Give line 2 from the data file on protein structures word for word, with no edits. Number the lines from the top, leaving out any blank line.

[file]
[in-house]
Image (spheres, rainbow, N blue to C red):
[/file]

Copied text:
Image (spheres, rainbow, N blue to C red):